Following on from the launch of APSE Energy at Westminster in June, it was the Scottish launch event in Edinburgh today.
The theme was about distributed energy where local authorities can act as suppliers within local areas along with partners.
A Saturday shift in the impressive surroundings of the Guildhall in London for the London council’s annual conference today.
As well as devolution and local government finance, housing was also a dominant issue amongst discussions at what turned out to be a really useful and lively conference.
Headed North today to speak at an APSE fringe meeting at the SNP Party Conference in Perth, on the future role of elected members in Scotland. This was also an opportunity to launch our research of the same name.
Waste not, want not
Whilst much of the focus of the graph of doom theorists has been on adult social care and children’s services, local authorities haven’t forgotten that they also continue to have statutory responsibilities for collecting waste and that this waste needs to be disposed of in a cost effective and environmentally friendly way.
Huge efforts are being made to eradicate waste in the first instance by encouraging a reduction in unnecessary waste and the reuse, recycling and recovery of any materials of value that can be derived from the waste stream, prior to going to landfill. With this in mind authorities are looking to develop integrated strategies that deal with all stages of the waste hierarchy.
I recently had an opportunity to examine Barcelona City Council’s approach to waste management and found an impressive approach that also links closely to wider ambitions around renewable energy.
Recent signs have been good that a new spirit of municipal entrepreneurship is starting to emerge amongst political leaders in local government.
Significant debate is taking place about devolution and the wider role local government should play in society. Whilst discussions centre around freedoms, funding and powers, it is important to also ask for what purpose? And what can councils actually deliver?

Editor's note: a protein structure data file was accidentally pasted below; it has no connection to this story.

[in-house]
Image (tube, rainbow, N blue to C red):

Taking a long hard look at what 'democracy', 'citizenship' and 'ethics' really mean in local government in the second decade of the 21st Century may seem like a luxury when councils are struggling to empty the bins, house the homeless, care for elderly residents and meet a million other demands with ever fewer resources. But reclaiming the vital connection between the mightiest of principles upon which local government was founded and day to day actions that matter to local people is the best way for local authorities to take control in these difficult times.
Last week's BMJ article, which accused local authorities of 'raiding' public health budgets to prop up other services, shows a surprising lack of insight into the reasons why councils actually took on the public health role in the first place. It also fails to grasp well-evidenced connections between health and wider social factors that are dependent upon public services such as housing, sport and leisure, greenspace or school meals.
With the Public Accounts Committee warning central government to sharpen up on procurement and transparency, high profile failures at Serco hitting the headlines and authorities including Liverpool reviewing their private sector partnerships, public service outsourcing seems to have reached a crossroads.
Everyone knows that on top of the financial problems local government faces there is also an ever lengthening list of public policy challenges. From public health to housing, from struggling local economies to climate change, from youth unemployment to the ageing population, councils need to consider how they can deploy the resources and assets at their disposal to ensure maximum public value outcomes for years to come. This calls for flexibility and skills to respond to continuous change.